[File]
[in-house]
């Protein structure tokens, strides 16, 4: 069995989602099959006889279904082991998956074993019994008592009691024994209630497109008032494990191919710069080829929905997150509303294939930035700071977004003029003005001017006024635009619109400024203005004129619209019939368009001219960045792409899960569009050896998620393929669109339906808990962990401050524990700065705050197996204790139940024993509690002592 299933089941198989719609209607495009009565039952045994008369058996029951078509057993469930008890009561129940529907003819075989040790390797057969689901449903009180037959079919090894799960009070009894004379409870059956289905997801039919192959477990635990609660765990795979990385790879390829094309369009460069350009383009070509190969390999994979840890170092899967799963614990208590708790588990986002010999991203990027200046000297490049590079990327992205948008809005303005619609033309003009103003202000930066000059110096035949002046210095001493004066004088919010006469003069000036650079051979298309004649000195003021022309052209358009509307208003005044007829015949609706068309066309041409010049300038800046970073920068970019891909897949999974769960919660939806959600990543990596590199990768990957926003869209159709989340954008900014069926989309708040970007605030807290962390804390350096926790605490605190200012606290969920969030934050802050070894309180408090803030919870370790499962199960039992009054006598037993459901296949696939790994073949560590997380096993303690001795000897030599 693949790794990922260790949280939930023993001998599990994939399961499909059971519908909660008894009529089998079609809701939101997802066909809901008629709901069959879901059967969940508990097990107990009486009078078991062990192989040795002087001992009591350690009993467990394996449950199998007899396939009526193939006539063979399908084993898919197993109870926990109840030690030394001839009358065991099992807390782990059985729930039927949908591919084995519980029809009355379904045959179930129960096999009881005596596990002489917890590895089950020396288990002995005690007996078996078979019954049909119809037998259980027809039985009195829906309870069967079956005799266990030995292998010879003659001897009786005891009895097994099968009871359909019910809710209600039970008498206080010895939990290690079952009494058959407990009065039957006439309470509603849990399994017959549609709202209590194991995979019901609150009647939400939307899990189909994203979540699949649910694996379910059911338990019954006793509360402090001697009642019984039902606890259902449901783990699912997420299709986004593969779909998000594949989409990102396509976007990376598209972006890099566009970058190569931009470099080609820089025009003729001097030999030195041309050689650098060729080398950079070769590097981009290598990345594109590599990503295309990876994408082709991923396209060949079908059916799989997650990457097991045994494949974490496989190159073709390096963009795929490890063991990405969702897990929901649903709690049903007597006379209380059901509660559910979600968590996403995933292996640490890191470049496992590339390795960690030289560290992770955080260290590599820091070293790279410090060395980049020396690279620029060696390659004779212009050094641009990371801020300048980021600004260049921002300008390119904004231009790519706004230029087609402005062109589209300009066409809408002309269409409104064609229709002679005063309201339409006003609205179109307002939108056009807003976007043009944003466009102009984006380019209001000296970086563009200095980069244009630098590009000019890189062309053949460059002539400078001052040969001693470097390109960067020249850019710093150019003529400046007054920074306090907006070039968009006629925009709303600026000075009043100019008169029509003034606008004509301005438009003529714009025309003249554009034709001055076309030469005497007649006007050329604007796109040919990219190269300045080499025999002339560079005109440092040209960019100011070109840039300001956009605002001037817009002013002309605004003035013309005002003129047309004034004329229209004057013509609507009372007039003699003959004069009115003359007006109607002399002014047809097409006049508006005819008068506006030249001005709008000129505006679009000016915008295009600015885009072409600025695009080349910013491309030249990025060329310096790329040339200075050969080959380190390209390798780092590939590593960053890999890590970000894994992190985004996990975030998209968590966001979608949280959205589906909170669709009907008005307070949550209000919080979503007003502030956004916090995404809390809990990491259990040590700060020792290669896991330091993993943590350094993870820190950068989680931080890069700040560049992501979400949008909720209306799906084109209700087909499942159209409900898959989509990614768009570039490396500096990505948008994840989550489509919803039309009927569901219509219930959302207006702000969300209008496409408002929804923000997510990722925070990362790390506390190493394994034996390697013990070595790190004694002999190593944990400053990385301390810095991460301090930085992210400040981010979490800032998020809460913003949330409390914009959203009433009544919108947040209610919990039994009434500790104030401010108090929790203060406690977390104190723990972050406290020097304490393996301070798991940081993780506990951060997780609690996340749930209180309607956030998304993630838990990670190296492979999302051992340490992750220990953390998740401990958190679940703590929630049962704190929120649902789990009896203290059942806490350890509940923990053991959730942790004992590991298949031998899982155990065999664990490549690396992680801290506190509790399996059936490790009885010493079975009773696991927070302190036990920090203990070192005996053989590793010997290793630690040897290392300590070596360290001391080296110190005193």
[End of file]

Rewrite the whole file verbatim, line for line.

[in-house]
């Protein structure tokens, strides 16, 4: 069995989602099959006889279904082991998956074993019994008592009691024994209630497109008032494990191919710069080829929905997150509303294939930035700071977004003029003005001017006024635009619109400024203005004129619209019939368009001219960045792409899960569009050896998620393929669109339906808990962990401050524990700065705050197996204790139940024993509690002592 299933089941198989719609209607495009009565039952045994008369058996029951078509057993469930008890009561129940529907003819075989040790390797057969689901449903009180037959079919090894799960009070009894004379409870059956289905997801039919192959477990635990609660765990795979990385790879390829094309369009460069350009383009070509190969390999994979840890170092899967799963614990208590708790588990986002010999991203990027200046000297490049590079990327992205948008809005303005619609033309003009103003202000930066000059110096035949002046210095001493004066004088919010006469003069000036650079051979298309004649000195003021022309052209358009509307208003005044007829015949609706068309066309041409010049300038800046970073920068970019891909897949999974769960919660939806959600990543990596590199990768990957926003869209159709989340954008900014069926989309708040970007605030807290962390804390350096926790605490605190200012606290969920969030934050802050070894309180408090803030919870370790499962199960039992009054006598037993459901296949696939790994073949560590997380096993303690001795000897030599 693949790794990922260790949280939930023993001998599990994939399961499909059971519908909660008894009529089998079609809701939101997802066909809901008629709901069959879901059967969940508990097990107990009486009078078991062990192989040795002087001992009591350690009993467990394996449950199998007899396939009526193939006539063979399908084993898919197993109870926990109840030690030394001839009358065991099992807390782990059985729930039927949908591919084995519980029809009355379904045959179930129960096999009881005596596990002489917890590895089950020396288990002995005690007996078996078979019954049909119809037998259980027809039985009195829906309870069967079956005799266990030995292998010879003659001897009786005891009895097994099968009871359909019910809710209600039970008498206080010895939990290690079952009494058959407990009065039957006439309470509603849990399994017959549609709202209590194991995979019901609150009647939400939307899990189909994203979540699949649910694996379910059911338990019954006793509360402090001697009642019984039902606890259902449901783990699912997420299709986004593969779909998000594949989409990102396509976007990376598209972006890099566009970058190569931009470099080609820089025009003729001097030999030195041309050689650098060729080398950079070769590097981009290598990345594109590599990503295309990876994408082709991923396209060949079908059916799989997650990457097991045994494949974490496989190159073709390096963009795929490890063991990405969702897990929901649903709690049903007597006379209380059901509660559910979600968590996403995933292996640490890191470049496992590339390795960690030289560290992770955080260290590599820091070293790279410090060395980049020396690279620029060696390659004779212009050094641009990371801020300048980021600004260049921002300008390119904004231009790519706004230029087609402005062109589209300009066409809408002309269409409104064609229709002679005063309201339409006003609205179109307002939108056009807003976007043009944003466009102009984006380019209001000296970086563009200095980069244009630098590009000019890189062309053949460059002539400078001052040969001693470097390109960067020249850019710093150019003529400046007054920074306090907006070039968009006629925009709303600026000075009043100019008169029509003034606008004509301005438009003529714009025309003249554009034709001055076309030469005497007649006007050329604007796109040919990219190269300045080499025999002339560079005109440092040209960019100011070109840039300001956009605002001037817009002013002309605004003035013309005002003129047309004034004329229209004057013509609507009372007039003699003959004069009115003359007006109607002399002014047809097409006049508006005819008068506006030249001005709008000129505006679009000016915008295009600015885009072409600025695009080349910013491309030249990025060329310096790329040339200075050969080959380190390209390798780092590939590593960053890999890590970000894994992190985004996990975030998209968590966001979608949280959205589906909170669709009907008005307070949550209000919080979503007003502030956004916090995404809390809990990491259990040590700060020792290669896991330091993993943590350094993870820190950068989680931080890069700040560049992501979400949008909720209306799906084109209700087909499942159209409900898959989509990614768009570039490396500096990505948008994840989550489509919803039309009927569901219509219930959302207006702000969300209008496409408002929804923000997510990722925070990362790390506390190493394994034996390697013990070595790190004694002999190593944990400053990385301390810095991460301090930085992210400040981010979490800032998020809460913003949330409390914009959203009433009544919108947040209610919990039994009434500790104030401010108090929790203060406690977390104190723990972050406290020097304490393996301070798991940081993780506990951060997780609690996340749930209180309607956030998304993630838990990670190296492979999302051992340490992750220990953390998740401990958190679940703590929630049962704190929120649902789990009896203290059942806490350890509940923990053991959730942790004992590991298949031998899982155990065999664990490549690396992680801290506190509790399996059936490790009885010493079975009773696991927070302190036990920090203990070192005996053989590793010997290793630690040897290392300590070596360290001391080296110190005193």